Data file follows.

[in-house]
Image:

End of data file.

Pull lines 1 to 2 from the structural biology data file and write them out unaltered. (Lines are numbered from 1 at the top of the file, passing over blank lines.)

[in-house]
Image: